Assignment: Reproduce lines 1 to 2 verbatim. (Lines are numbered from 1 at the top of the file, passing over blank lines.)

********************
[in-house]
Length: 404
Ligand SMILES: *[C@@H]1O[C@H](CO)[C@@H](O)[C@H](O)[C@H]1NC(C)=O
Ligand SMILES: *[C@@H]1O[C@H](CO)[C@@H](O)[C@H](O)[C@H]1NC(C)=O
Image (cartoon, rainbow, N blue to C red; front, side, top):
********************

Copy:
[in-house]
Length: 404